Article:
By Joe King, [email protected]

Rescuers transport victim to ambulance. (the Herald / News Sentinel)

Rescuers transport victim to ambulance. (the Herald / News Sentinel)

A man who was hanging 25 feet in the air from a tree in South Knox County had to be rescued by local agencies Monday morning.

The man, whose identity has not yet been released, was working a tree trimming job at 2201 Tomassee Dr., when part of the branch gave out.

Co-workers’ statements indicated the man was in the tree for about 20 minutes before the accident occurred, but could have been dangling from the harness for about one hour before rescuers were able to safely bring him to the ground.

According to Knoxville Rescue Squad Deputy Chief John Whited, the man was in “grave condition” when he was lowered from the tree.

Whited said to rescue the man a system of pulleys and ropes had to be set-up with an anchor that was placed higher up in the tree.

Whited explained that the deliverance of the man posed problematic at times, as the ladder on the fire truck was 24-feet and rescuers had to climb parts of the tree as well.

“It was hard to get access to where he was,” Whited said.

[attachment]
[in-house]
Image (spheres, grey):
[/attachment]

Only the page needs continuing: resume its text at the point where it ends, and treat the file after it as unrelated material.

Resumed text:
Although Whited did say the rescued man appeared to be unresponsive, he couldn’t give further information regarding his status or any visible signs of injury without violating HIPPA laws.

According to some accounts, the incident happened when the man was cutting a second limb from a forked tree about 40 feet in the air when the 15-inch-diameter limb splintered, which caused him to become pressed against the remaining part of the branch.

While the extent of the man’s condition is not yet known, one possible scenario is that he suffered from “harness syndrome” as a result of being pressed against the tree. Harness Syndrome, also known as Suspension Trauma, or orthostatic intolerance, is an effect which occurs when the human body is held upright without any movement for a period of time. If the person is strapped into a harness or tied to an upright object they will eventually suffer the central ischemic response (commonly known as fainting). If one faints but remains vertical, one risks death due to one’s brain not receiving the oxygen it requires.

Immediately after the rescue, the unidentified man was transported to the University of Tennessee Medical Center by Rural/Metro Ambulance Service. His condition has not yet been made available.

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